#12

[quote="aprilfloyd, post:10, topic:315291"]
I have always felt the devil is an excuse for people to not accept responsibility for their actions

[/quote]

there are numerous references throughout the Bible, and in today's Gospel reading

in Rev 20:10 Then the devil, who led them astray, was hurled into the lake of fire and sulphur, where the beast and the false prophet are, and their torture will not come to an end, day or night, for ever and ever.

i understand that ppl do not like this aspect of cosmology

i don't know but there seems to be more to this than a personification of an aspect of our human nature


#13

I assume it is metaphorical not literal. Why would a loving god create such an abomination,


#14

it is a metaphor of what?

why is there such an abomination?

Rev 20:27 Nothing unclean may come into it: no one who does what is loathsome or false, but only those who are listed in the Lamb’s book of life.

consider that all that will remain is love;
the burning lake is God’s love,
the sulfur and pain the sin that His vision reveals


#15

[quote="Aloysium, post:14, topic:315291"]
it is a metaphor of what?

why is there such an abomination?

Rev 20:27 Nothing unclean may come into it: no one who does what is loathsome or false, but only those who are listed in the Lamb's book of life.

consider that all that will remain is love;
the burning lake is God's love,
the sulfur and pain the sin that His vision reveals

[/quote]

Good Question. I assume it is a metaphor for evil. In history the concept of evil or wicked ness played a big part in law - phrases such as 'wicked intent' ,'evil intent' these have been dropped over time as the concept of 'evil' proves less relevant. Plus it serves as a primitive method of 'control' and to keep people in check from doing wrong.


#16

Rev 20:10 Then the devil, who led them astray, was hurled into the lake of fire and sulphur, where the beast and the false prophet are, and their torture will not come to an end, day or night, for ever and ever.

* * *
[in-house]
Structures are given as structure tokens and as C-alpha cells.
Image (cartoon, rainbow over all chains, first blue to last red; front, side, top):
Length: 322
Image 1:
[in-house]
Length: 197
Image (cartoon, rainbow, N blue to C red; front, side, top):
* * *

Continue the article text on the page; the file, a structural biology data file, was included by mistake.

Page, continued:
Rev 20:14 Death and Hades were emptied of the dead that were in them; and every one was judged as his deeds deserved. Then Death and Hades were hurled into the burning lake. This burning lake is the second death; 15 and anybody whose name could not be found written in the book of life was hurled into the burning lake.

Rev 21:8 But the legacy for cowards, for those who break their word, or worship obscenities, for murderers and the sexually immoral, and for sorcerers, worshippers of false gods or any other sort of liars, is the second death in the burning lake of sulphur.'

Rev 21:27 Nothing unclean may come into it: no one who does what is loathsome or false, but only those who are listed in the Lamb's book of life.

Devil burns for eternity - he is sin/the burning lake itself

sinners die a second death in the burning lake

God gives us our existence,
when we are loving, we are of His kingdom

if we do not know love, we cannot be part of it, and He will take back that being He granted us

bottom line, imho: this is reality,
which everyone has a hint of deep inside, and
that is why it could be used as a method of control


#17

[quote="aprilfloyd, post:8, topic:315291"]
What if the doctrine proves to be wrong? Is it still heresy? surely truth is more important?

Can you explain what - ministry of active rebuttal of the fallen angels. Tell them that there's no proof of the devil means - and where would I find a copy of their proof

[/quote]

Clearly you - like me some years ago - have a very unclear grasp of the meaning of being a disciple of Christ. One of the basic tenets is: Christ does not lie, nor does Scripture. When they speak of Satan as a living spiritual being, they don't mean a metaphor. When they say: "For we do not wrestle against flesh and blood, but against the rulers, against the authorities, against the cosmic powers over the world of darkness, against the spirits of wickedness in the high places." When Christ says: "I saw Satan fall from the sky like lightning" or "Here comes the prince of this world, he has no authority over me." But I understand that in your situation the Sacred Scripture is perhaps simply "scripture" and not proof of anything.